The Two-Way
10:53 am
Wed July 23, 2014

WATCH: Wreckage Of Costa Concordia Begins Its Final Voyage

Originally published on Wed July 23, 2014 11:01 am

More than two years after the luxury liner Costa Concordia wrecked off the Italian island of Giglio, killing 32 people, its wreckage has finally begun its voyage to a salvage yard in the port of Genoa.

As NPR's Sylvia Poggioli reports, the operation is complex, involving a 14-boat convoy. She filed this report for our Newscast unit:

"Boat sirens and fog horns sounded through the tiny Italian port of the island of Giglio when the moorings of the Costa Concordia were finally loosened.

"The 15,000-ton vessel — the size of three football fields — had been flipped upright last September in a complex operation called parbuckling.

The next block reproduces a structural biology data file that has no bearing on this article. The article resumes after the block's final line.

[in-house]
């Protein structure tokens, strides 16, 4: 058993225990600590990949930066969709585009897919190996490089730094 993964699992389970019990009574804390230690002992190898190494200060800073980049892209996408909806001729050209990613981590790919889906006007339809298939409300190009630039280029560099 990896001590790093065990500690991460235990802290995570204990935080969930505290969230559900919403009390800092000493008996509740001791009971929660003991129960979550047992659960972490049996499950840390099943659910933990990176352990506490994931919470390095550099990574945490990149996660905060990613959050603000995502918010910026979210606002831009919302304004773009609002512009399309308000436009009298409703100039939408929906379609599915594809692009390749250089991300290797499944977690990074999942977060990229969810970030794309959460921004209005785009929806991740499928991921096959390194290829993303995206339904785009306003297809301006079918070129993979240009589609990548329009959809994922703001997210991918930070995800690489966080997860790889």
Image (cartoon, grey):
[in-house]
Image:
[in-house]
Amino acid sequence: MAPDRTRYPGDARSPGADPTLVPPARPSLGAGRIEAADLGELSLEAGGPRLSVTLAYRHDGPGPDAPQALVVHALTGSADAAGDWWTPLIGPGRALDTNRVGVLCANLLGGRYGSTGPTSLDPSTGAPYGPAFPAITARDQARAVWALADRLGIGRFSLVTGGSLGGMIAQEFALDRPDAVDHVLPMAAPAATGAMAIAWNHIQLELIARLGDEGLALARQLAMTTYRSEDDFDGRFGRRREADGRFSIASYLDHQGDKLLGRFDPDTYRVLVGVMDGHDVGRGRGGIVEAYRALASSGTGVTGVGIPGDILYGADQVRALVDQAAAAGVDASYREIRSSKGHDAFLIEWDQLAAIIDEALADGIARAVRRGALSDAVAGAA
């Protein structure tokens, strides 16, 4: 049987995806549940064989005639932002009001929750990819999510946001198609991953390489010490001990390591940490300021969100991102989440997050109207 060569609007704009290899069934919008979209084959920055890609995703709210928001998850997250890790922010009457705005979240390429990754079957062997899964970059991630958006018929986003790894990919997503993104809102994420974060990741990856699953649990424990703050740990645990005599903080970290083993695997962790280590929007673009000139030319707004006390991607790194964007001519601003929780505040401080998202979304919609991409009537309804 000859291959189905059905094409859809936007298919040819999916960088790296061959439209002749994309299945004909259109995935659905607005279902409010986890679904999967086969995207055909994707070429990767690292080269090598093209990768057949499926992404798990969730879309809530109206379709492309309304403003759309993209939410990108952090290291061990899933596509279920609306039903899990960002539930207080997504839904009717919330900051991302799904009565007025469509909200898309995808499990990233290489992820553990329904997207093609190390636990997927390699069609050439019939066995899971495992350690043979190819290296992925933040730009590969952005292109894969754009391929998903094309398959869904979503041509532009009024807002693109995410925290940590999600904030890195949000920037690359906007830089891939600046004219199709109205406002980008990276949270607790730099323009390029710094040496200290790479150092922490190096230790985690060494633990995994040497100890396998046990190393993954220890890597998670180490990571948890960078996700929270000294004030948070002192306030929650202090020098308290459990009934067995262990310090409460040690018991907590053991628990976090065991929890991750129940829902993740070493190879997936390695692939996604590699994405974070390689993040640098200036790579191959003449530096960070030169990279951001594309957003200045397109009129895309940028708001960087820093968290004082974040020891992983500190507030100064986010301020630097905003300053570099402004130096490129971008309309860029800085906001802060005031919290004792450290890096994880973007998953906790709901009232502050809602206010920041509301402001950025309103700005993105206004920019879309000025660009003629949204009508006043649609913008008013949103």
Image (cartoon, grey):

"Then, 10 days ago, salvage workers and engineers began to refloat and stabilize the ship.

"This morning, encased in a straightjacket of 30 fotation tanks, and escorted by a 14-vessel convoy, the ship began its journey. At a steady speed of 2 knots an hour, she's expected to arrive in Genoa on Sunday.

"The convoy includes a marine-mammal spotting boat as it sails through the Tuscan archipelago, Europe's largest marine sanctuary."

We'll leave you with time-lapse video of the first hours of the operation:

Back in September, we posted a time-lapse video of the Costa Concordia being righted.

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